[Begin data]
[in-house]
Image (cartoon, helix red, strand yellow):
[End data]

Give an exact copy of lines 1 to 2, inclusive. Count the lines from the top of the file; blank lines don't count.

[in-house]
Image (cartoon, helix red, strand yellow):